The ripple effect of failing to efficiently move $7 billion in key commodities would be staggering,” said Mike Toohey, President and CEO of WCI. “The most immediate effects would be felt up and down the river, but would spread quickly from those that work on the river to those that ship on the river to manufacturing workers and eventually to all of us as consumers. This is an economic disaster in the making and the Administration needs to act now to stop it.”

Dredging Today – Mississippi River Barge Operators: Economy at Risk (USA).

GIGANTIC MISS: DALLAS FED REPORT PLUNGES TO -13.2

Joe Weisenthal

Texas factory activity continued to increase in July, according to business executives responding to the Texas Manufacturing Outlook Survey. The production index, a key measure of state manufacturing conditions, fell from 15.5 to 12, suggesting slightly slower output growth.

Other measures of current manufacturing activity also indicated slower growth in July. The new orders index was positive for the second month in a row, although it moved down from 7.9 to 1.4. Similarly, the shipments index posted its second consecutive positive reading but edged down from 9.6 to 7.4. The capacity utilization index came in at 8.7 after rising to 13.3 last month.

Perceptions of broader economic conditions were mixed in July. The general business activity plummeted to -13.2 after climbing into positive territory in June. Nearly 30 percent of manufacturers noted a worsening in the level of business activity in July, pushing the index to its lowest reading in 10 months. The company outlook index remained positive for the third month in a row but fell from 5.5 to 1.6.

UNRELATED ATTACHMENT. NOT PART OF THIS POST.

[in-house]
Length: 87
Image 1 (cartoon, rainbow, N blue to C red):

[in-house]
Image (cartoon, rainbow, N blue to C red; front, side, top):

Labor market indicators reflected stronger labor demand. Employment growth continued in July, although the index edged down from 13.7 to 11.8. Twenty-one percent of firms reported hiring new workers, while 10 percent reported layoffs. The hours worked index was 4.1, up slightly from its June reading.

Price pressures were largely unchanged in July, although compensation costs rose at a faster pace. The raw materials price index held steady at 3, suggesting only slight increases in input costs this summer after strong upward pressure earlier in the year. Selling prices fell for the fifth consecutive month in July; the finished goods price index was -5.5, virtually unchanged from last month’s reading. The wages and benefits index rose nearly 10 points to 22.9, largely due to a marked rise in the share of firms noting increased compensation costs. Looking ahead, 36 percent of respondents anticipate further increases in raw materials prices over the next six months, while 25 percent expect higher finished goods prices.